Ah, 1974, the days when even eight-minute performances were considered wussy; nothing more than an opportunity for artists to banter with the crowd prior to the 28-minute drum solo.
Â Harmonia Live 1974
Gentle piano riffs, noodling guitar and super production.
All five tracks on this 57-minute release start off like an amalgamation of every moody, echoey, feedback-strewn Pink Floyd prelude of yore. Of course, with Floyd we learned to perservere with the indulgences ‘cos there was usually something good coming round the corner, alas with Harmonia’s 1974 live gig what we get are quarter-hour intros which never quite segue into the type of music we’re used to these days. And really that’s the point, if you’re looking for something contemporary then forget it.
Moody, languid and not at all hard on the ear, this rythmic German three-piece were considered cutting-edge at the time â€“ Brian Eno was once a collaborator — but today this disc serves only the Indiana Jones types who like a bit of aural archaeology.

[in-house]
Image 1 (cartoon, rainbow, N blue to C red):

In fact considering the date of this recording and the tank-tops in the cover pics, you’d be forgiven for thinking you were about to receive a scratchy, blurry and faded nightmare but the sound is surprisingly well-produced with a complete lack of crowd noise — although this is best put down to Teutonic politeness rather than woeful turnout. There is fuzz of course, Michael Rother’s guitar flits about over gentle piano tinkling like an angry bee, but it comes without the fuzziness that marrs so many live (and studio) albums of the seventies. Harmonia will have limited appeal today to anybody but enthusiasts, but as a great snapshot of German electronica back in the days when Kraftwerk were just getting it together this is a fine historical document. Â Â Â